Urinary System

Report
Urinary System
Functions
• Maintains homeostasis in blood by:
1.
Regulating :
– blood pressure by
blood volume
+, K+, & 2+
– ion
, e.g.
– blood
by maintaining concentration of H+ & HCO3-
2.
Remove nitrogenous waste from metabolism, e.g. urea,
, & creatinine
– recall: most ammonia (NH3) from amino acid
converted into less toxic urea by liver
3.
Remove other
excess vitamins
compounds, e.g. hormones &
– must conserve nutrients, e.g. water, glucose, & amino acids
• cv
renal artery
• both branch off aorta
• each artery
blood to one kidney to be
filtered
• also supplies
blood to one
kidney
renal vein
• both join with posterior vena cava
• each vein
filtered blood from one
kidney, which contains substances
reabsorbed during
formation
ureters:
• tubes that carry urine from renal pelvis to
urinary bladder
urethra:
• tube that carries urine from urinary bladder
to
of body
urinary bladder:
• muscular
sac that stores urine prior
to urination
• when sac stretches to certain point, sends
messages to
to notify need to urinate
Kidney
• organ that filters blood
to remove
wastes and regulates
of blood
plasma
• contains nephrons: functional
unit of
that forms urine
Parts of the Kidney
Cortex
•
layer of kidneys (renal =
kidneys,
= outer
layer)
Renal medulla
• inner
of kidneys
• has higher
concentration than cortex
+ and
because contains
urea
Renal pelvis
• inner
chamber of
kidneys, where urine from
collecting ducts
before entering
Urine Formation
Nephron
• Approximately one
million
per a
kidney
• Blood supply enters
the
in the
renal artery and
branches into
capillaries
• Blood is filtered as it
passes
the
capillaries where
wastes (filtrate) is
out as urine
and nutrients are kept
in the
to be used
throughout the body
Bowman’s Capsule
• Located at the “end” of
the nephron
• In the
of the
kidney
• Surrounds the
(a knot of capillaries)
Peritubular capillaries
Glomerulus - Pressure Filtration
•
•
•
•
•
blood from renal artery enters through
afferent
and exits through
efferent
efferent arteriole has smaller diameter than
afferent arteriole, which
pressure
in glomerulus
blood
forces fluids & small
dissolved
in blood through pores in
capillary walls from glomerulus into
in Bowman’s capsule
substances that:
1.
remain in capillaries:
,
,
platelets, blood proteins (e.g.
globulins),
, & certain
drugs (e.g. penicillin)
2.
enters filtrate: water, glucose, amino
acids, ions (e.g. Na+, Cl–, H+, K+, &
HCO3–), vitamins, & nitrogen waste
(e.g. uric acid, urea, & NH3)
filtrate from Bowman’s capsules enters
tubular system, where substances exchange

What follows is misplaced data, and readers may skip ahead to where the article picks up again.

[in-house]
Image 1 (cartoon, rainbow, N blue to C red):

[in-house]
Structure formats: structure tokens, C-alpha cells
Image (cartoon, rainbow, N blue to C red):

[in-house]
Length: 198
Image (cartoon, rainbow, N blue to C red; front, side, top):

with blood in
capillaries
Proximal Convoluted Tubule - Tubular
(Selective) Reabsorption
•
•
In the
of the kidney
nutrients actively transported back
into blood in
capillaries, e.g. glucose & amino
acids
– NOTE: all glucose
from filtrate, but some glucose used
for active transport
•
•
•
less glucose in efferent arteriole
than afferent arteriole
Most
ions (Na+) actively
transported back into blood, which
causes
transport
–
of negative ions (Cl ) by diffusion
and water by
back into
blood
substances remaining in filtrate:
–, &
water, Na+,
nitrogenous waste
peritubular capillary
proximal convoluted tubule
Loop of Henle: Tubular Reabsorption
•
as filtrate
down descending
limb, increasing solute concentration
of renal
causes
water to diffuse out of filtrate by
osmosis, i.e.
becomes
more concentrated as water content
of filtrate decreases as it passes
through
– descending limb permeable to water,
but impermeable to ions
•
as filtrate moves up ascending limb,
Na+ actively
out of
filtrate, i.e.
becomes less
concentrated
– ascending limb impermeable to water,
which prevents water from diffusing
back into filtrate by
In renal medulla
Distal Convoluted Tubule - Tubular
Secretion
• Takes place in the renal cortex
• More Na+ actively reabsorbed
from
back into blood in
peritubular capillaries, which
causes more Cl– and water to
move out
• Hormones,
,
creatinine, & excess K+ in
blood actively transported
from
into filtrate for
excretion
• Blood
increased by
secreting excess H+ into filtrate
&
HCO3– from
filtrate
Collecting Duct - Tubular Excretion
• Takes place in the renal
medulla
• As
moves through
higher concentration
gradient in renal medulla,
water
out by
osmosis
• Some urea also diffuses out
of the
duct to
contribute to the high
solute concentration of the
inner medulla
• Urine
nephron
merges in renal pelvis
pH
• Essentially, the kidneys are
bicarbonate ions and excreting hydrogen ions
as the blood
a normal pH
– If the blood is acidic, H+ ions are excreted and
HCO3- ion are reabsorbed into blood
– If the blood is basic, H+ ions are not excreted and
HCO3- ions are not reabsorbed and are passed into
the filterate
Pathway of Urine
•
As the urine passes through the
ducts, it is drained
into the pelvis of the kidney, then